Ballet San Jose hopes to raise $550K to avoid closure
SAN JOSE, Calif. (KTVU) - It could be the last dance for Ballet San Jose. California's second largest dance company announced if it doesn't raise emergency funds in the next 10 days, it will be forced to close down.
Board members apparently had a choice to make at their Friday meeting - close the ballet down or fight to stay open. They've decided to fight, but there isn't much time.
"It's a pretty stressful issue. Everything that we do may be affected if the money's not raised," says Joshua Seibel, a soloist with Ballet San Jose.
They say past mismanagement has left the ballet with significant debt.
The new CEO says there is a plan to turn things around. But they need to raise $550,000 in the next 10 days if they want a shot at keeping the doors open.
"This is a must do. We're in a situation where we're raising funds for operating on a weekly basis," says CEO Alan Hineline.
He adds, "If we can reach this goal, it will give us enough runway so that we are able to start fundraising for the future and get out of this cycle that's eating us alive right now."
"It's a hard decision for us to make. But the operations of the ballet, we'll have no other choice really. We can't spend money we don't have," says chair of the board, Millicent Powers.
The money would get them through their next performance, Bodies of Technology, at the end of the month.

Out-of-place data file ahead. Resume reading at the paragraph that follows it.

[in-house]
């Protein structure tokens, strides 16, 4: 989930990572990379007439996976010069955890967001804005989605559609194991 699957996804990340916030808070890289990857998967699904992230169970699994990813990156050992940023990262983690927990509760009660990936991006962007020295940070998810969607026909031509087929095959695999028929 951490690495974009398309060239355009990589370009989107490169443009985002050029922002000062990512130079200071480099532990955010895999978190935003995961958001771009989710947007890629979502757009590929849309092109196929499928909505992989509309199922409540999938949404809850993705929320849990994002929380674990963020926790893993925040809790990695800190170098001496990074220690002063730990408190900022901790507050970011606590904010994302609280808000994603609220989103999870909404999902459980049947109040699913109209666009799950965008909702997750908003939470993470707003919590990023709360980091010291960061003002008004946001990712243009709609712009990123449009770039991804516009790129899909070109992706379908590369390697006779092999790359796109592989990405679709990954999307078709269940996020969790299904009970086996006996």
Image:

Meanwhile, the company's artistic director is trying to stay optimistic. "I have faith. And I communicate that to them, that we shouldn't lose faith," says Artistic Director, Jose Carreno.
To raise funds, Ballet San Jose is planning a social media campaign, along with three in studio events with the dancers next week.
People are already responding. Season ticket holder Michael Bena showed up Wednesday with donation in hand.
"If we don't do that then we'll lose something that's value… can't even measure with money," says Bena.
The dancers are hopeful more people will step up to save something so beloved.
"I think Ballet San Jose means everything to me, to be honest. I also think it means a lot to the community and I don't want them to lose that," says trainee Casey Pereira.
There are more than 32 dancers in the company and 350 at the school.
One of them, William Rumelhalt, says he couldn't imagine his life without Ballet San Jose. He says, to him, it is more than a ballet company. "Basically it means life... like ballet is life. And this place just makes it so much fun," he says.
The ballet, Bodies of Technology, is set for March 27-29th at the California Theatre.
The ballet company only has until March 14th to raise the money they need.